Youth Mentoring Action Network (YMAN) is a youth-centered program that works to prepare young people for life, college, and career. It’s co-founder, Torie Weiston-Serdan is a scholar-practitioner with over 13 years of teaching and youth programming experience. She’s the author of Critical Mentoring: A Practical Guide. Her mentoring philosophy values equity, and centers young people as partners, not the recipients of mentoring. YMAN is successful by all measures—not just because their students have a 100% high school graduation rate, 98% of those students go to college, and of the students who go to college, 100% of them stay in. But more importantly, the students are teachers and partners in the program’s outcomes.
In this episode of In Times Like These, Weiston-Serdan and board member Rocky Bragg help us understand the power of radical constructivism, why relationship always comes first, and how love has the power to free us.
(Photos Courtesy of Andres Herrera)
Ways to listen to this episode:
- Apple Podcasts (iOS/Desktop)
- Stitcher (iOS/Android/Desktop)
- Spotify (iOS/Android/Desktop)
In this episode, we discuss:
- Why relationship is the key to successful mentoring and education
- How young people can be our best teachers (if we set aside our need to be in control)
- Why communities only a few miles apart can have massive inequities in access to the resources youth need to be successful in college
- What we can do to be that “one person” who can help a young person succeed
- “Equity is about everyone having a seat at the table.”
Often, the work of mentoring is to provide for some young people access, knowledge, and practice with skills that aren’t available because of differences in community resources and public schools. Equity isn’t the same as equality, but it works to make sure everyone has a seat at the table.Equity is about everyone having a seat at the table. Click To Tweet
2. “Mentoring is not something we do to young people. It’s supposed to be an engaging, collaborative process.”
For some educators and volunteers, adults are the ones with knowledge, and they “give” programming and resources to young people. That attitude keeps youth in a passive position and blocks collaboration and relationship. YMAN works hard to level the playing field between the clients and those providing direct service. Centering youth means that space is shared, which leads to authenticity and transformation. Working with youth instead of “for” youth can take longer, but the outcomes will be stronger.Mentoring is not something we do to young people. It’s supposed to be an engaging, collaborative process.” Listen now: Click To Tweet
3. “The free space that comes when you’re fully loved—you feel anything is possible.”
Why do YMAN’s programs and resources like them have such great outcomes? 100% of students who are supported by YMAN graduate high school. 98% of students who work with YMAN go on to college. And of the YMAN students who go to college, 100% of them stay in college. According to Weiston-Serdan and Bragg, these outcomes are because the students are experience love and support. Weiston-Serdan said, “We know that if every young person has someone who loves them and supports them, then we’re going to have those outcomes.”The free space that comes when you’re fully loved—you feel anything is possible. Click To Tweet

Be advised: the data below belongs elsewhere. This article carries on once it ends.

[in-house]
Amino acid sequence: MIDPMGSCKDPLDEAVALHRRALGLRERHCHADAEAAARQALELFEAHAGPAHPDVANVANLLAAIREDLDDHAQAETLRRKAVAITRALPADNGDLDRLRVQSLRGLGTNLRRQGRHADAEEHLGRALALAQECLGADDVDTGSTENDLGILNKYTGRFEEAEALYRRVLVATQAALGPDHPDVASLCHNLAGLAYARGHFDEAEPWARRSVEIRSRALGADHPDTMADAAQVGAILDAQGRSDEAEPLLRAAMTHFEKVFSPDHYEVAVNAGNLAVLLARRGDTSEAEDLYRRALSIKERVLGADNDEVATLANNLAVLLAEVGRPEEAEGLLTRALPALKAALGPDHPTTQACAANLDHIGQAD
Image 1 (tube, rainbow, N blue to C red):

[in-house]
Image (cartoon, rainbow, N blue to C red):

Mentioned on the episode:
- Youth Mentoring Action Network: https://www.yman.org/
- College access program, STEM + Music, youth organizing: https://www.yman.org/programs
- YMAN Partnership with Jordan Wings: https://www.yman.org/blog/yman-partners-with-jordan-wings
- Jordan WINGS youth outreach program: https://news.nike.com/news/jordan-brand-launches-global-wings-program
- Shawn Dove and the Campaign for Black Male Achievement: https://www.blackmaleachievement.org/about/our-team/shawn-dove
- More resources on what equity means in public education:
- “What is ‘equity’ in education?” https://www.teachermagazine.com.au/columnists/geoff-masters/what-is-equity-in-education
- “Equity in education: Where to begin?” https://www.edutopia.org/blog/equity-education-where-to-begin-terry-heick
- More resources on how public schools are funded:
- “How unequal school funding punishes poor kids” https://www.thenation.com/article/how-unequal-school-funding-punishes-poor-kids/
- “Good school, rich school; bad school, poor school” https://www.theatlantic.com/business/archive/2016/08/property-taxes-and-unequal-schools/497333/
- Critical Mentoring: A Practical Guide by Torie Weiston-Serdan: https://www.amazon.com/Critical-Mentoring-Practical-Torie-Weiston-Serdan/dp/1620365529
How to connect with us:
Twitter: @ymanstrong and @TWeiston
You can connect with me on Twitter here: @SVarnonHughes.
And you can always connect with us at CLU on our Facebook, Twitter, and LinkedIn accounts linked here.
Like the show? Help us spread the word by giving us a rating and review on iTunes!
About the Podcast
In Times Like These explores the difficult spaces we humans navigate in culture and religion, in dialogue and doubt. We talk to voices from the field, in law, activism, civil rights, and from places of struggle and places of deep learning. In Times Like These, we unpack the most troubling issues of politics and faith we face, together.
In Times Like These is hosted by Dr. Stephanie Varnon-Hughes and is a CLU Live production by Claremont Lincoln University.
Claremont Lincoln University offers the following graduate degree programs: